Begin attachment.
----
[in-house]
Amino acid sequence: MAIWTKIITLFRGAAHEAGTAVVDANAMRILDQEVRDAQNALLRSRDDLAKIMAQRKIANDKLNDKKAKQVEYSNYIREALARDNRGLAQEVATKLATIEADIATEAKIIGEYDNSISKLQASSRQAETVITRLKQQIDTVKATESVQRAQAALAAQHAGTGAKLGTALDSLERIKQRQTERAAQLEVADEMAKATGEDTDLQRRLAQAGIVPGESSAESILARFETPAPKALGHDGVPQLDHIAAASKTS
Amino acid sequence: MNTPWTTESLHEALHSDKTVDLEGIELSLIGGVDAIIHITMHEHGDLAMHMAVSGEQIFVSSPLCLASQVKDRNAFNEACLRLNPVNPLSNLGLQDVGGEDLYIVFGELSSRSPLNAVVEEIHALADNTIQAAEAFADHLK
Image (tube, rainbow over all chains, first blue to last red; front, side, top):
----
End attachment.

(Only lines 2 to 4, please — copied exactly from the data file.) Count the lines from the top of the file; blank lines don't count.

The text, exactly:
Amino acid sequence: MAIWTKIITLFRGAAHEAGTAVVDANAMRILDQEVRDAQNALLRSRDDLAKIMAQRKIANDKLNDKKAKQVEYSNYIREALARDNRGLAQEVATKLATIEADIATEAKIIGEYDNSISKLQASSRQAETVITRLKQQIDTVKATESVQRAQAALAAQHAGTGAKLGTALDSLERIKQRQTERAAQLEVADEMAKATGEDTDLQRRLAQAGIVPGESSAESILARFETPAPKALGHDGVPQLDHIAAASKTS
Amino acid sequence: MNTPWTTESLHEALHSDKTVDLEGIELSLIGGVDAIIHITMHEHGDLAMHMAVSGEQIFVSSPLCLASQVKDRNAFNEACLRLNPVNPLSNLGLQDVGGEDLYIVFGELSSRSPLNAVVEEIHALADNTIQAAEAFADHLK
Image (tube, rainbow over all chains, first blue to last red; front, side, top):